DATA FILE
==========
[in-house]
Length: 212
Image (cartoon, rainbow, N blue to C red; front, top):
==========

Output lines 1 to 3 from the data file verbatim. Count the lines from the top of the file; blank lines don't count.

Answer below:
[in-house]
Length: 212
Image (cartoon, rainbow, N blue to C red; front, top):